The year 1664 was unfortunate for Londoners. It was the year when Plague broke out in London, killing more than 200,000 people. The epidemic was so severe that the Cambridge University had to close its doors; the students were sent home to quarantine themselves. Most of the students would have rejoiced as they could ease off on studies. However, one particular student used the available time as a rare opportunity.
The name of the student was Isaac Newton and today we remember him as the father of classical physics. Newton spent his solitary confinement conducting various experiments focused on optics and motion; those leisurely studies laid the foundation for his later scientific achievements—achievements that changed the future of mankind for good.
As I scribble these lines down, we are just half-way through 2020. The outbreak described above seems more relevant than ever; a large portion of world population is under full or partial quarantine due to Covid-19. While this scenario is certainly unpleasant, it also presents you with an opportunity: to use the available time for the causes you always wished to pursue but could never find time.
The following five lessons will help you make the best use of your time:
Lesson One: Learn to Appreciate the Value of Time
Out of our limited personal resources, time is the most precious. Time is money, they say. In fact, time is more precious than money; ask a wealthy old man if he can buy time with his money? In philosophical sense, time defines life; your life is essentially the time allotted to you to live on this planet. Just like carbon fuels, time is both finite and irreversible. Make the best use of it before it diminishes; appreciate its value while you still have it.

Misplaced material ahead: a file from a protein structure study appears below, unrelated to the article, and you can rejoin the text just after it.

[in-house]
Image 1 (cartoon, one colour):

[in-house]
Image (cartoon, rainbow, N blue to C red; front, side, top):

Lesson Two: Prioritize Your Tasks
The best way to manage your time effectively is to prioritize your activities. Start by setting a few clearly defined goals and list them down in terms of their priority. Eliminate the areas that seem to be wasteful. Give priority to the goals that are both urgent and important. While some of them might be as simple as quick fixes, you would need to break your bigger, long-term objectives into manageable tasks.
Lesson Three: Avoid Multitasking
Many professionals think multitasking can help you achieve more in less time. This could be true in some simpler scenarios e.g. you can manage cooking and laundry simultaneously. However, in most cases, multitasking is a hazard; and it is not as efficient as it is portrayed. In order to make the best use of your time, avoid multitasking; remove other distractions as well e.g. while writing an important email, close irrelevant browsers, switch off social media etc.
Instead of working on many tasks simultaneously and leaving them in the middle, focus on a single (both urgent and important from lesson two) task and finish it before moving onto next one. It is better to tick a single box everyday then leaving a few unfinished.
Lesson Four: Find Smarter Ways
They say hard work never goes unrewarded and it is certainly true. However, hard work coupled with smart work is the perfect recipe for success. Wherever possible, find smarter ways of accomplishing more with less. Use technology where it adds value in terms of time saving. Delegate and outsource tasks where it seems reasonable. While focusing on a single task is necessary, keep an eye on the plan ahead.
Lesson Five: Don’t Let Perfectionism Eat Your Time
Improvement is a continuous process; it should be balanced with practical realities. Don’t let perfectionism be the enemy of your time. There is no harm in trying to do your best but over-analyzing everything and being overcautious with frivolous tasks will devour your time. This reminds me of Steve Jobs, whose obsessive perfectionism proved to be the death knell for NeXT— the company he founded after being ousted from Apple. Unlike Steve, be pragmatic with your perfectionism.